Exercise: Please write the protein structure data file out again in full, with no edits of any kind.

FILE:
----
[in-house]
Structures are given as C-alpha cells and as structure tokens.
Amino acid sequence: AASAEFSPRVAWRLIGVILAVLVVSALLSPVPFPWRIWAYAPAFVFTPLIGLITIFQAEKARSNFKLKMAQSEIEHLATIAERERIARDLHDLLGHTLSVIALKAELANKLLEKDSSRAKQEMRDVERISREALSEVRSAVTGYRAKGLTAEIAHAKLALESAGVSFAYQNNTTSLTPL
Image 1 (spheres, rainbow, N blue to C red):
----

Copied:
[in-house]
Structures are given as C-alpha cells and as structure tokens.
Amino acid sequence: AASAEFSPRVAWRLIGVILAVLVVSALLSPVPFPWRIWAYAPAFVFTPLIGLITIFQAEKARSNFKLKMAQSEIEHLATIAERERIARDLHDLLGHTLSVIALKAELANKLLEKDSSRAKQEMRDVERISREALSEVRSAVTGYRAKGLTAEIAHAKLALESAGVSFAYQNNTTSLTPL
Image 1 (spheres, rainbow, N blue to C red):